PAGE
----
Ezra Pound: The making of the Pisan Cantos…

Whilst ‘digging’ for yesterday’s link post on the Cruiser, I unearthed that nugget about O’Brien turning up WB Yeats’s sympathy for Italian fascism. It turns out that a more obvious poet supporter of Il Duce, Esra Pound was, briefly, his secretary in 1913. Previously I’d only really known Pound through some of his shorter poems and the fact he was the man who cut The Wasteland to buggery and made it impenetrable. This afternoon BBC Radio Four had an excellent feature on the Pisan Cantos, which feature some of his lived experience in what was in effect a death row of sorts, just outside Pisa after he’d been found guilty of treason.The overall effect is (despite the allusion to Pound’s virulent anti semitism) that of swinging open a door on an elegiac world that might otherwise (for me at least) have remained tightly shut. The poet’s recorded voice (made twenty years later in the sixties) lend stirring power to the last lines of the Canto:

What thou lovest well remains,
the rest is dross
What thou lov’st well shall not be reft from thee
What thou lov’st well is thy true heritage
Whose world, or mine or theirs
or is it of none?
First came the seen, then thus the palpable
Elysium, though it were in the halls of hell,
What thou lovest well is thy true heritage
What thou lov’st well shall not be reft from thee

The ant’s a centaur in his dragon world.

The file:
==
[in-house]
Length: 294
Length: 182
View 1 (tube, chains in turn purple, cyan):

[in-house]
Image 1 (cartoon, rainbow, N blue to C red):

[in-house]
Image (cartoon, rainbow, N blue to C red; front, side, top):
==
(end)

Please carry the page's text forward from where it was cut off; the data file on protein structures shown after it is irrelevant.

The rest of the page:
Pull down thy vanity, it is not man
Made courage, or made order, or made grace,
Pull down thy vanity, I say pull down.
Learn of the green world what can be thy place
In scaled invention or true artistry,
Pull down thy vanity,
Paquin pull down!
The green casque has outdone your elegance.

“Master thyself, then others shall thee beare”
Pull down thy vanity
Thou art a beaten dog beneath the hail,
A swollen magpie in a fitful sun,
Half black half white
Nor knowst’ou wing from tail
Pull down thy vanity
How mean thy hates
Fostered in falsity,
Pull down thy vanity,
Rathe to destroy, niggard in charity,
Pull down thy vanity,
I say pull down.

But to have done instead of not doing
This is not vanity
To have, with decency, knocked
That a Blunt should open
To have gathered from the air a live tradition
or from a fine old eye the unconquered flame
this is not vanity.
Here error is all in the not done,
all in the diffidence that faltered . . .

The programme finishes with these memorable lines from the much later Canto 116:

But the beauty is not the madness
Tho’ my errors and wrecks lie about me.
And I am not a demigod,
I cannot make it cohere.

It’s a truly great piece of radio…

Mick is founding editor of Slugger. He has written papers on the impacts of the Internet on politics and the wider media and is a regular guest and speaking events across Ireland, the UK and Europe. Twitter: @MickFealty